The 2014 election campaign was one of the dirtiest in our electoral history because the Congress and parties claiming to be Left-leaning and progressive subjected the BJP leader, Modi, to some of the vilest abuses, including calling him a liar, a deceiver, a manipulator and a mass murderer. Efforts were made to polarise minority votes, which boomeranged because this only led to some coming together of Hindu votes. Anyway, the electorate decided decisively in favour of the NDA, BJP and Modi and the fact remains that for the next five years India will have an NDA government in which the BJP alone has an absolute majority in Parliament. It behoves all of us to gracefully accept this fact.
Arun Jaitley publicly said that outgoing prime minister Manmohan Singh is a scholar, a gentleman, personally honest, who is leaving office with grace and dignity. Singh graciously congratulated Modi on his victory and wished him well. The heads of state and governments throughout the world, including the US, Britain, Pakistan, Russia, Germany, France, China and Japan congratulated Modi on his victory. However, the Congress has by and large refrained from sending good wishes to Modi. Shashi Tharoor, by his conduct and words, proved that he is a gentleman. The limits of absence of dignity, common courtesy have been crossed by frustrated, embittered people such as Kumar Ketkar and Mani Shankar Aiyar. He says he refuses to accept the verdict in favour of Modi because Modi is a murderer. According to him, even Hitler had a majority in the German parliament and the world never accepted Hitler. Mani Shankar should read William Shirer’s The Rise and Fall of The Third Reich.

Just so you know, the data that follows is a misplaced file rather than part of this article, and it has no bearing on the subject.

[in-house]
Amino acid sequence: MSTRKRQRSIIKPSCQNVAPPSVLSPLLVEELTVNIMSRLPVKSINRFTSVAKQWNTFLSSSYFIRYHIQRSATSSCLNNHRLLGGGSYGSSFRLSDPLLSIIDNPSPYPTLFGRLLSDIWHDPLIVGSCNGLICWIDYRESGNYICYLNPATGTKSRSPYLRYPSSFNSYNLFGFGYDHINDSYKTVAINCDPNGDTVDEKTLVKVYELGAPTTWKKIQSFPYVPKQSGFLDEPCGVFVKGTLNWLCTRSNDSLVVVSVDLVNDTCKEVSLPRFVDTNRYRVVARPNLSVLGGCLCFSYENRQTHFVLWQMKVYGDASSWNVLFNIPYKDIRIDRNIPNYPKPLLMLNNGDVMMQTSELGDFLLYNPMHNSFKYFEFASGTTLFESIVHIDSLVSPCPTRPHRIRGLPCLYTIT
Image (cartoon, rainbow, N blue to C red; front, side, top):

The Nazi party, though the largest in parliament, had only 34 per cent of the seats, despite which Hitler was able to persuade president Hindenburg to invite him to form the government. Within one week Hitler introduced “The Enabling Act” in parliament, by strong arm tactics prevented the socialist opposition from being present in the House, had the Bill passed and assumed the power to rule Germany for two years through ordinance. The first ordinance abolished the constitution. Is it Mani Shankar’s case that Modi would do the same in India? The only person who tried to rule India absolutely by misuse of Article 352 of the Constitution was Mani Shankar’s spiritual guide, Indira Gandhi, in 1975. The very constitution that she tried to subvert forced her to order an election in 1977, in which the people of India firmly rejected her. Our Constitution is too strong for anyone to assume absolute power. Modi is no Hitler and can never become one. Mani Shankar will forever be a bigot. My personal regret is that Sonia, Rahul and Mani Shankar have removed from the political scene that which is its hallmark, the abiding grace of our leaders.
Our polity is the poorer for this.
M N Buch, a former civil servant, is chairman, National Centre for Human Settlements and Environment, Bhopal;